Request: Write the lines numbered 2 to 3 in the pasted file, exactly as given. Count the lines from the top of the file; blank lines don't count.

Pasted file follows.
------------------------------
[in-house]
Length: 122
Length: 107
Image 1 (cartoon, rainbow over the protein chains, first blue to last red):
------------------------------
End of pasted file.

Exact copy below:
Length: 122
Length: 107